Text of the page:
Washington Post education writer Jay Mathews recently admitted he doesn’t pay much attention to private schools. Only 10% of children attend them—and only 5% of low-income children—so he figures what happens in public schools is more important. He now realizes he might be wrong because he’s seen some private schools “being creative in ways that should inspire all educators.”

It’s great that Mathews is realizing there’s more to education than public schools. But it would be even better if he questioned why only 5% of low-income children and 10% of kids overall attend private schools. It certainly isn’t because only 5-10% of parents want private school for their children. It’s because too many families can’t afford to pay twice for education—once in taxes for “free” public schools and then paying tuition on top of that.

Our education funding system is beyond antiquated. By the mid-1800s, most state governments had broken their states into districts and assigned children to schools within those districts. It made sense at the time. Travel and communication were incredibly difficult, so it would have been nearly impossible to offer more individualized options.

We don’t live in those times anymore. And we know—especially after the past year—that education isn’t one-size-fits-all. Yet we still fund school districts and buildings instead of funding students.

Fortunately, many lawmakers realize how ludicrous this approach is in 2021. New or expanded parental choice programs have already been enacted in 13 states this year. Similar programs have been introduced in 20 other states. The biggest change is in West Virginia: a few years ago WV teachers went on strike to prevent any educational options; this year, the state adopted the most expansive education savings account in the nation.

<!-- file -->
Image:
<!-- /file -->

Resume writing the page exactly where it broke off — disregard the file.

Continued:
Education is generally considered a state and local issue, but the federal government has gotten more and more involved in recent decades. While there’s no constitutional basis for this involvement—and no evidence that it’s helped—the reality is the federal government sends billions of tax dollars to school districts every year.

Rather than letting all the money continue to get sucked up by a bureaucratic system, Senators Mike Lee (R-UT) and Tommy Tuberville (R-AL) recently introduced legislation that would prioritize the children. The Children Have Opportunities in Classrooms Everywhere Act, or CHOICE Act, would let low-income families with children in grades K-12 use federal education funds for the educational options that fit their needs.

Under the CHOICE Act, if an eligible student remains enrolled in a public school, the federal funds for that child remain in the public school. But if a parent chooses a private school or to homeschool, the funds would be placed in a 529 education savings plan, which is an expanded version of 529 college accounts. The CHOICE Act’s 529 expansion would add homeschool expenses to the list of eligible uses.

By funding students instead of the system, we can help more students access those creative educational options Jay Mathews mentions. And it’s clear that far more than 5-10% of families want these options. In my home state of Pennsylvania, more than 42,000 tax credit scholarship applications are rejected each year due to state-mandated caps on the program. Moreover, polling conducted last year—just before the pandemic—showed only 41% of Pennsylvania parents would choose their local district school if cost and transportation weren’t concerns. But nearly 80% of Pennsylvania students attend their local district school.

For many children, the local district school is a great option. But even in the highest-ranked districts, some families choose another option. The truth is, no school—no matter how much they spend or how well their students perform on tests—is the right fit for every child who happens to live near it. By funding students instead of the system, we can ensure all students—not just wealthy ones—have access to an excellent education.

The CHOICE Act won’t solve every problem we see in education today. But it will open new opportunities for thousands of low-income students.